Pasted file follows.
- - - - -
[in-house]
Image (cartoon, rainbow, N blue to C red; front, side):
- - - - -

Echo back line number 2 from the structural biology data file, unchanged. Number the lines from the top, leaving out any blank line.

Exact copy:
Image (cartoon, rainbow, N blue to C red; front, side):